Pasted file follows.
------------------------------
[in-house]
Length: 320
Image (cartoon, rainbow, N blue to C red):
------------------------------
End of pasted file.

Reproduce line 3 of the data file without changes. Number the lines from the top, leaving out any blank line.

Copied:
Image (cartoon, rainbow, N blue to C red):